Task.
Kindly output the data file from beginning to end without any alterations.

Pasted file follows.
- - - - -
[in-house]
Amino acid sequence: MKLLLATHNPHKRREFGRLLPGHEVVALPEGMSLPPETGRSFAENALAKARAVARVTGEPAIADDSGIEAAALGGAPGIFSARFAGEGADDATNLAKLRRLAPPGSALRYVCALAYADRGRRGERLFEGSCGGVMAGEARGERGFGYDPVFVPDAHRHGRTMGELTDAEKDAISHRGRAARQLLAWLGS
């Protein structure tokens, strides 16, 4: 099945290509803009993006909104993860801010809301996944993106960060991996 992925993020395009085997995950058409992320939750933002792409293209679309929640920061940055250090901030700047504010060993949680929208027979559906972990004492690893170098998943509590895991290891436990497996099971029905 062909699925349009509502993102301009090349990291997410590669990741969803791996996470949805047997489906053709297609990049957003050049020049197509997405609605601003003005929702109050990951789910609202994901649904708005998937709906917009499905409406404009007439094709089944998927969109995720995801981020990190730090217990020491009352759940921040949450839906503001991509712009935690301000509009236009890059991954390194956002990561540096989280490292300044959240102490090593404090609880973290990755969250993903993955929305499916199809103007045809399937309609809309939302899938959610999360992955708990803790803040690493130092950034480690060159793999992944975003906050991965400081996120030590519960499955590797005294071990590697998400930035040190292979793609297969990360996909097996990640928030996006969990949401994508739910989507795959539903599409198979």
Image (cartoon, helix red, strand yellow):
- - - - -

[in-house]
Amino acid sequence: MKLLLATHNPHKRREFGRLLPGHEVVALPEGMSLPPETGRSFAENALAKARAVARVTGEPAIADDSGIEAAALGGAPGIFSARFAGEGADDATNLAKLRRLAPPGSALRYVCALAYADRGRRGERLFEGSCGGVMAGEARGERGFGYDPVFVPDAHRHGRTMGELTDAEKDAISHRGRAARQLLAWLGS
């Protein structure tokens, strides 16, 4: 099945290509803009993006909104993860801010809301996944993106960060991996 992925993020395009085997995950058409992320939750933002792409293209679309929640920061940055250090901030700047504010060993949680929208027979559906972990004492690893170098998943509590895991290891436990497996099971029905 062909699925349009509502993102301009090349990291997410590669990741969803791996996470949805047997489906053709297609990049957003050049020049197509997405609605601003003005929702109050990951789910609202994901649904708005998937709906917009499905409406404009007439094709089944998927969109995720995801981020990190730090217990020491009352759940921040949450839906503001991509712009935690301000509009236009890059991954390194956002990561540096989280490292300044959240102490090593404090609880973290990755969250993903993955929305499916199809103007045809399937309609809309939302899938959610999360992955708990803790803040690493130092950034480690060159793999992944975003906050991965400081996120030590519960499955590797005294071990590697998400930035040190292979793609297969990360996909097996990640928030996006969990949401994508739910989507795959539903599409198979």
Image (cartoon, helix red, strand yellow):